Send in the Pinkertons!
More Minneapolis residents and businesses are turning to private security. Why isn’t Minneapolis city government? Last week, Emma Freire published a piece at City Journal under the headline “Police by…
My recent visits to Lake Street in Minneapolis inspired me to return to one of my favorite subjects: the In the Heart of the Beast Puppet and Mask Theatre.
(Think large papier-mache puppets, not small, handheld ones.)
Located in the Avalon Theater at 1500 East Lake Street, the Theatre was founded in 1973 and is well known for their annual MayDay celebration in the Powderhorn Park neighborhood.
After a two-year hiatus, the MayDay celebration was back this year.
I first wrote about the Theatre over a decade ago and documented its history and adoption of its current name.
It was founded as the Powderhorn Puppet Theater (after the local neighborhood), but eventually changed its name to a slogan popularized by the Argentine-Cuban Marxist revolutionary Che Guevara. (Curiously, the Theatre’s current website has an entire page devoted to rewriting the history of the name change.)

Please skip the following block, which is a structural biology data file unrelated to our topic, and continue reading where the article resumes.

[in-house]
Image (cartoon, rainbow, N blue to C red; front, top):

True to its nature, the Theatre has never been very good at capitalism. Lurching from one crisis (2019) to another (2021), the Theatre has survived the pandemic, the riots, and six Republican presidents.
The against-all-odds survival of the Theatre is due in no small part to the generosity of the Minnesota taxpayer. In the past dozen years or so, the Heart of the Beast has scooped up nearly $1.8 million through the State Arts Board.
The source of the money is the state’s Legacy Amendment, passed in 2008. Heart of the Beast has received Arts Board money every single year that the Legacy program has been in effect. The Legacy Amendment is due to run out in 2034, which surely means at least another dozen years of taxpayer-funded Marxist puppet shows.
Of course, the Heart of the Beast also received two (2) PPP loans from the federal government for a total of $134,000.
The newest production begins performances on June 16. Entitled The Impact Theory of Mass Extinction, the production features the following premise.
Two black, queer, teens discover dinosaur bones in their South Minneapolis neighborhood! After being sucked into a prehistoric portal, they are taken in by a nurturing “queendom” of dinosaurs.
Please, don’t ever change.
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